Sean: And then, just one last thing, do you have any advice, we have a lot of newer event organizers who listen to Ticketbud Tidbits - what would be your biggest tip for retaining clients, and also, I know you have a lot of connections and stuff, but like, when you first got to Austin. You wanted to do an event. How did you actually make that first step, y’know, the first step is kinda the hardest.

My-Cherie: Yes

Sean: How would you recommend to newer event organizers to make that first step.

My-Cherie: I think that because I am a fearless person, it’s like, oh yeah it’s easy you just go up to the person so I want to look at it from the standpoint of someone else. Honestly I don’t think that you can’t be in this industry unless you have a personality. You have to have some personality, you have to have some charisma. So you need to be able to go up to someone and say hi, my name is My Cherie and this is what I do and I would love for us to connect. So it’s really just taking the extra step to introduce yourself to someone that you know is in the industry.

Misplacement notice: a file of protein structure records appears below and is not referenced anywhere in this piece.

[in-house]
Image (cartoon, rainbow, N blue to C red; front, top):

And when you network, pick what your genre is, you know, like if you really want to throw events that have to do with music, then you network with music people, you network with the entertainment industry. And you go to those meetups and you go to LinkedIn and you find those people on LinkedIn and match up. If you wanted to do nonprofits, like I did an event for New Milestones Foundation so that was really great it was a nonprofit that deals with mental health. And I volunteered with Fims for Sims before . I’ve done the nonprofit side before. So if this is really what you love to do, you connect with those in the nonprofit industry. So you pick what genre you’re really passionate about, and then you connect with those people. How you find those people you gotta do your research, go to those meetups and Linkedin. You say I’d really like to meet this person, find them and meet them for coffee, or go to where they’re going to be speaking or to an event that they’re having. It takes being proactive, you need to take the step, the actions toward making that happen which I think is so important. So I was thinking about what really inspired me, and I read a lot of books, but I really love Malcolm Gladwell-